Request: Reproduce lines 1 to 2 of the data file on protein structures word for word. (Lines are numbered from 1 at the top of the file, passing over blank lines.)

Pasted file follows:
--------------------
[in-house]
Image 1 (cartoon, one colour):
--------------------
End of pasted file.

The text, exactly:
[in-house]
Image 1 (cartoon, one colour):